Northern Syria and the Problem It Provokes in Turkish-American Relations

Decades from now, history books dissecting what went wrong in Turkish-American relations will dedicate a special chapter to Syria. Before the civil war in in that country, Ankara and Washington could still pretend to be strategic partners, despite significant problems between the two. But the uprising in Syria has not only turned the autocracy into a failed state, it has also made Turkish and American armed forces regard each other as quasi-enemies.

Almost all the current problems in Turkish-American relations, ranging from American military support for the Kurds to Turkey’s purchase of a Russian missile-defense systems, have their roots in Syria. And make no mistake, it will take much more than the recent cosmetic agreement between Ankara and Washington to establish a “joint operating center,” to reconcile their profound differences about what to do in northern Syria.

The reason is simple: the safe zone that Americans want to establish is to protect the Kurds from Turkey, whereas the safe zone that Turkey has in mind is one that will protect itself from Kurdish terrorism. Good luck solving this problem with a joint operation center.

When there are such fundamental differences in threat perception, all that such an agreement can hope to achieve is to delay the inevitable: a Turkish military incursion to destroy America’s Kurdish partners east of the Euphrates river. Turkey has already achieved this very goal in northwestern Syria, thanks to Russia turning a blind eye to the Turkish military presence in Afrin. For President Recep Tayyip Erdogan, the price of this military foray into a Russian zone of influence was the purchase of the S-400s. Vladimir Putin has the upper hand in this region and he has played it cleverly by not only luring Turkey further away from Washington, but also weakening Nato’s entire military architecture. All of this unraveling comes courtesy of the Syrian quagmire.

To be sure, there were already significant problems in Turkish-American relations before the Syrian war. In fact, it was soon after the Cold War and particularly after the 9/11 terrorist attacks that major differences in threat perception emerged between Ankara and Washington. Terrorism proved to be a poor substitute for the Soviet threat. The problems began as jihadism replaced communism as the existential threat in the eyes of America, the superpower. Turkey also had its problems with radical Islamists, but the threat for Ankara was terrorism with ethnic Kurdish rather than jihadist roots. And as the Middle East became the new center of gravity for the bilateral agenda, things went from bad to worse; not only the Kurdish question, but also the Israeli-Palestinian conflict, the role of the Muslim Brotherhood in Egypt – all poisoned the relationship between the Nato allies, Turkey and the US.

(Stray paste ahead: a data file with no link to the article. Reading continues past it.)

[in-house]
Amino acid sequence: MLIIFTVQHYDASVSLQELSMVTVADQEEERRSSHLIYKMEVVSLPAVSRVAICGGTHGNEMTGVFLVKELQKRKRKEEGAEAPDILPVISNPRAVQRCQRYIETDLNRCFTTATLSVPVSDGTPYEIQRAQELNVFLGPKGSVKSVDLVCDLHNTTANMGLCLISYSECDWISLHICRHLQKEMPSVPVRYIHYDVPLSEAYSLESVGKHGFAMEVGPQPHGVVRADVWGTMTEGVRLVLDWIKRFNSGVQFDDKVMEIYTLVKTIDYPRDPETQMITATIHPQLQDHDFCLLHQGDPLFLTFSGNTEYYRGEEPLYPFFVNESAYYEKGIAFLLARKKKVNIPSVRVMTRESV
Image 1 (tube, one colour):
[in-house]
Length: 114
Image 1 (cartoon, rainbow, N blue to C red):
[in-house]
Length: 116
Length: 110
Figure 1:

They found themselves on opposite sides when debating how to deal with Hamas or the military coup in Egypt, where Ankara believed Washington was complicit in the bloody coup that eradicated a democratically elected Islamist movement. A Middle East dominated by the Muslim Brotherhood was the ultimate dream of Erdogan, who fancied himself as the neo-Ottoman architect of a new order in the Arab world. With the ousting of Mohammed Morsi, this Turkish dream – seemingly within reach after Islamist electoral victories in Tunisia and Egypt – turned into a nightmare. And the Turkish strongman blamed Washington even more than regional actors such as Saudi Arabia and the United Arab Emirates for this state of affairs.

None of these challenges, however, presented vital national security threats for Turkey or the US and the strategic partnership seemed to survive, at least on paper. It was with the Syrian civil war that compartmentalization in Turkish-American relations rapidly reached its limits.

The Syrian uprising changed everything. ISIS, after all, was largely a product of state collapse in Syria. The American decision to arm Syrian Kurds linked to the Kurdistan Workers’ Party, or PKK, to counter this jihadist threat came as a shock to the Turkish national security establishment. In Ankara’s eyes, Washington was arming a terrorist organization – its Kurdish nemesis – in the name of fighting another terrorist entity. Washington, on the other hand, had its own axe to grind. To the American military, it looked like Turkey was in bed with radical Islamist groups linked to Al Qaeda and was turning a blind eye to ISIS supporters entering Syria over its porous border with the country.

All this did not bode well for maintaining a strategic partnership between two Nato allies. Having different threat perceptions was tolerable to a certain degree. But now Ankara and Washington were each supplying military aid to the other’s existential threat. And it proved too much to stomach for what was left of a partnership that had always depended on a common threat rather than shared democratic values.

Where do we go from here? Far from restoring a once-strategic partnership, the best the two countries can now strive for is damage control and crisis management. Their new agreement on northern Syria, which was made public this month, essentially does just that. The vague language of the deal merely kicks the can down the road with a joint operation center when there is nothing joint and little to operate. This agreement does not present a common strategic vision or even a major American commitment to work with Ankara. But it is certainly better than the nightmare scenario of two armies shooting at each other in northern Syria.

Ömer Taşpınar is a senior fellow at the Brookings Institution and a professor of national-security strategy at the National Defense University in Washington.